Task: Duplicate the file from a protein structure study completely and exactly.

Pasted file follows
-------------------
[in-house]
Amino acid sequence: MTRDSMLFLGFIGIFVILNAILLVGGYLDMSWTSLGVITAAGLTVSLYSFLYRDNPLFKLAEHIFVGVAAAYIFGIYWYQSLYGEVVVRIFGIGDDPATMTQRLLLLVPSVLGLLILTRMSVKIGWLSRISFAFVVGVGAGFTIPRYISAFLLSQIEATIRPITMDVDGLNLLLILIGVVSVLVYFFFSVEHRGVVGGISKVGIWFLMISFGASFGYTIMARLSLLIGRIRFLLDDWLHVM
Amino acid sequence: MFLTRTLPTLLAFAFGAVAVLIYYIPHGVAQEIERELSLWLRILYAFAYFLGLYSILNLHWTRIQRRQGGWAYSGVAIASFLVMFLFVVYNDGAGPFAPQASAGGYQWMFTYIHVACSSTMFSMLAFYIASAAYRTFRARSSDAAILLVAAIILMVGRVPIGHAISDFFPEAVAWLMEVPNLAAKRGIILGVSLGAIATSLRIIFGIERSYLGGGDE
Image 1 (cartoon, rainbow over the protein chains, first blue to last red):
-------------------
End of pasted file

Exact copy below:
[in-house]
Amino acid sequence: MTRDSMLFLGFIGIFVILNAILLVGGYLDMSWTSLGVITAAGLTVSLYSFLYRDNPLFKLAEHIFVGVAAAYIFGIYWYQSLYGEVVVRIFGIGDDPATMTQRLLLLVPSVLGLLILTRMSVKIGWLSRISFAFVVGVGAGFTIPRYISAFLLSQIEATIRPITMDVDGLNLLLILIGVVSVLVYFFFSVEHRGVVGGISKVGIWFLMISFGASFGYTIMARLSLLIGRIRFLLDDWLHVM
Amino acid sequence: MFLTRTLPTLLAFAFGAVAVLIYYIPHGVAQEIERELSLWLRILYAFAYFLGLYSILNLHWTRIQRRQGGWAYSGVAIASFLVMFLFVVYNDGAGPFAPQASAGGYQWMFTYIHVACSSTMFSMLAFYIASAAYRTFRARSSDAAILLVAAIILMVGRVPIGHAISDFFPEAVAWLMEVPNLAAKRGIILGVSLGAIATSLRIIFGIERSYLGGGDE
Image 1 (cartoon, rainbow over the protein chains, first blue to last red):